How to prepare your lawn for the winter
Our lawns bring a lot to our lives. They offer rest and relaxation. Kids love them, spend time growing up on them. They’re places where we gather with friends to celebrate. From a municipal perspective, they’re invaluable for managing storm water.
And what’s better than the scent of fresh-cut grass on a summer morning?
The trouble is, lawns can also take a lot from us if they’re not properly cared for. Much of that care can happen in the fall, as nights begin to consistently dip below freezing and grass growth slows. “A focus on plant health will always contribute to a kind of equilibrium,” says Dan Tavenier, NAIT landscape gardener. “That takes know-how and sensitivity.”
To help you reach a state of balance with your lawn, Tavenier recommends a few fixes for happier, healthier grass and roots that will require less chemicals and water, and give back more of the time you’d rather spend enjoying it throughout the summer.
Put away the hose. Unlike trees and shrubs, your lawn needs to go into the winter dry. This will prevent ice from smothering roots and, by slowing growth, helps grass acclimatize to winter.
Bag the last clippings
“Nature is the master recycler, second to none,” says Tavenier. Leaving behind your mulched grass returns valuable nitrogen to the soil – during the growing season. Once temperatures drop and the microbes that decompose things go dormant, those clippings will just get raked up in spring. Bag your last cut, Tavenier recommends, and compost it.
Also, don’t cut too short. Blades of grass contain stored energy that’s used by the roots over winter (they do not go dormant). Leave your grass at about two inches (five centimetres) tall.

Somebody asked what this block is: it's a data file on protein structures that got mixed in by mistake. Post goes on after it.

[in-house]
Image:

To avoid stimulating growth, wait to fertilize until grass has stopped visibly growing. This should happen once daytime temperatures drop to 5 to 7 C and the nights dip below zero.
Mind your formulation. Many fall fertilizers are high in phosphorus – the middle of the three nutrient numbers that responsible for root development and health. Since Edmonton-area soils are already phosphorus rich, much of what you add will run off into the water table. “We don’t want to contribute to the pollution cycle,” says Tavenier.
Use a synthetic growing-season fertilizer and go light: about half a pound to 1,000 square feet (225 grams to 90 square metres). Organic fertilizers won’t work at this time of year. They need microbes to break them down and this won’t happen until the warmer days of spring.
Impressed by past results, Tavenier top-dresses every fall after he aerates. He spreads dry compost to a thickness of ¼ to ½ inch (0.6 to 1.25 centimetres). “When you rake it out it should be invisible.” With successive seasonal applications, top-dressing also improves grading, which prevents pooling and ice buildup that suffocates roots.
Most people aerate in the spring but Tavenier feels this is a job best done in fall. In addition to ensuring a 10 per cent aerobic (as opposed to anaerobic, or without oxygen) environment that roots require to thrive, aeration also helps your lawn absorb more of the spring melt and allows the ground to warm faster. Both will give grass a head start.
A thicker lawn will decrease moisture loss, discourage weeds and improve the appearance and underfoot feel of your lawn. To avoid unwanted seed germination, which shouldn’t happen until spring, spread after freeze-up.
Follow these steps and rest easy with the knowledge that a balance has been struck. “You’ll get much better regrowth in the spring,” says Tavenier, “much better green-up.” And you’ll have to do less next year to keep it that way.